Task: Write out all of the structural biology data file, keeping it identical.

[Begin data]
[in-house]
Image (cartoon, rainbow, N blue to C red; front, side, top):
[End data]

[in-house]
Image (cartoon, rainbow, N blue to C red; front, side, top):